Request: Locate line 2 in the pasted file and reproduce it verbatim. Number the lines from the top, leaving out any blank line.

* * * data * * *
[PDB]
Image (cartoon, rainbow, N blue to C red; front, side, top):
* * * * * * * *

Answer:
Image (cartoon, rainbow, N blue to C red; front, side, top):